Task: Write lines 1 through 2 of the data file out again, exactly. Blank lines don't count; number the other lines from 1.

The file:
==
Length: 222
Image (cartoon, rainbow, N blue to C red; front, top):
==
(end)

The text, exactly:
Length: 222
Image (cartoon, rainbow, N blue to C red; front, top):